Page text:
1. It’s Monday, March 9, 2015. Spring is 12 days away. And there was melting yesterday!

2. When Rudy Giuliani mouthed his stupidity about President Obama’s love of country, the president didn’t respond right away.

But he sure as hell responded Saturday.

The president’s speech marking the 50th anniversary of Bloody Sunday in Selma, Ala., made clear — for anyone with enough of a brain to hear what he was saying — that this man articulates what love of country is better than anyone in my lifetime.

Loving this country does not mean flag-worshipping. It means understanding what an awesome opportunity those before us — from Benjamin Franklin to Franklin Roosevelt — gave the United States. And how it’s our responsibility to do what we can to form a more perfect union — even if it means getting tear-gassed and bitten by dogs on a bridge in Alabama.

In particular, I loved the way he tied Selma to other seminal moments in American history. And he put the marchers in perspective with this country’s other heroes, from the Minutemen at Lexington and Concord to the firefighters who died trying to save lives on 9/11.

One of the canards that his opponents throw at Obama is that he’s the most divisive president in our history. But he’s only divisive because his opponents can’t stand who, or what, he is. It’s not his language — certainly not in Selma, where he made no effort to demonize anyone, but instead sought to make the struggle into something that benefitted all of us.

Put it this way: Would you ever expect George W. Bush to be one of the heroes in an Obama speech? He was on Saturday.

How good was Obama in Selma? James Fallows in The Atlantic makes the ultimate American speech comparison: Lincoln at Gettysburg. That seems like sacrilege. But, in my lifetime, there’s JFK’s inaugural and Dr. King at the March on Washington.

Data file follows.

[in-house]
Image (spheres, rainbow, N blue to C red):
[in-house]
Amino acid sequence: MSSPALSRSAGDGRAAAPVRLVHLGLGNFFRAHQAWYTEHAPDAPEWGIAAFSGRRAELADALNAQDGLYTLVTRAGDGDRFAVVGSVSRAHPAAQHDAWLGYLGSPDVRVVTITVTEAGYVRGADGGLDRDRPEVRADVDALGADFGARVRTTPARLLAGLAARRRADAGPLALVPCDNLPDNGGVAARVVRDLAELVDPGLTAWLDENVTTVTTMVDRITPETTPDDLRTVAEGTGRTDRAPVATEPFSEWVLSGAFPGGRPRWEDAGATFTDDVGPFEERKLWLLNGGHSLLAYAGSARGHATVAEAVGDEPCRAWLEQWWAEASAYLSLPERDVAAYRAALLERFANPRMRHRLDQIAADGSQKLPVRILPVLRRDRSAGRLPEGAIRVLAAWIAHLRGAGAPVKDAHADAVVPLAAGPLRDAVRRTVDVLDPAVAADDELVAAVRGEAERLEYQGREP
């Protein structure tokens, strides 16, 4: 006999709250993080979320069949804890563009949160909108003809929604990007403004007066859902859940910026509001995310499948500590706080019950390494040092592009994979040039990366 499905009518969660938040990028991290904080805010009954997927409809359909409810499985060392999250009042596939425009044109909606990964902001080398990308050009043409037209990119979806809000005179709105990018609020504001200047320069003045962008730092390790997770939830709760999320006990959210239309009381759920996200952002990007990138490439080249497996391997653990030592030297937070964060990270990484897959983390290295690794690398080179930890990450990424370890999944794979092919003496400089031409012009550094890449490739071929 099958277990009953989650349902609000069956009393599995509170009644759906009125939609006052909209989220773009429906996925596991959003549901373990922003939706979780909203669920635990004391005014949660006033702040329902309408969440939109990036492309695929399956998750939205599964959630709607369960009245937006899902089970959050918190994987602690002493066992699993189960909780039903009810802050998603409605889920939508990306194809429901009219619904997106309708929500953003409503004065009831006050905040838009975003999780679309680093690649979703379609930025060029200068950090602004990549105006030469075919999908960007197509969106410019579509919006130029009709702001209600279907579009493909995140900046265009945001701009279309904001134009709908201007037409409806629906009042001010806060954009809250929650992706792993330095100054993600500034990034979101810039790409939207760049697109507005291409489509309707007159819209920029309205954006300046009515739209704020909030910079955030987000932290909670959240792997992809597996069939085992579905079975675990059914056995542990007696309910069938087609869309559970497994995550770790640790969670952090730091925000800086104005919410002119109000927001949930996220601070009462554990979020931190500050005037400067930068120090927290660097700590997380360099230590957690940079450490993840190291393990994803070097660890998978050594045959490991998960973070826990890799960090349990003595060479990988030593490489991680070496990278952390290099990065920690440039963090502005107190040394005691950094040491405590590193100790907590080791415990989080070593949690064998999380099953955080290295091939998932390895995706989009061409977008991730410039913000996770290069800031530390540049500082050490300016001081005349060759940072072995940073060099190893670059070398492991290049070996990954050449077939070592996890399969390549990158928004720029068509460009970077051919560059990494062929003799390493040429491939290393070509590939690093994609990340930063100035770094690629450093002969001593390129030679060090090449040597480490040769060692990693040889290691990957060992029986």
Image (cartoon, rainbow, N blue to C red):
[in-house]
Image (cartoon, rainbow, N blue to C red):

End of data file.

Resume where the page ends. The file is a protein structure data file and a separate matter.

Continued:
Does this speech compare? History will decide that. What we can say once and for all is that Barack Obama is the epitome of American patriotism, and anyone who thinks otherwise should be embarrassed. 

3.   I’ve never been a fan of fraternities — I damn sure wasn’t in one in college. But I can’t believe that all members of fraternities are as dense as these guys at Oklahoma appear to have been.

It’s not just the revolting behavior — that’s sickening enough. But the idea that, in this age of social media and iPhone videos, dumbasses would publicly go around singing of their ignorance. I guess that’s why they would be dumbasses.

4.   From the stupid to the pleasant: As a long-suffering New York Met fan, Matt Harvey’s return to the mound on Friday in an exhibition game has me excited. He looked great, with no sign of after-effect from his Tommy John surgery.

And, as if that wasn’t enough, on Saturday, we saw the Mets’ No. 1 draft pick last year, Michael Conforto, punish the baseball with his bat. If this kid is for real, he is a dream come true for a franchise with a spotty past of developing hitters.

Baseball is coming, and the developments at the Mets’ Spring Training camp make that seem more wonderful than usual.


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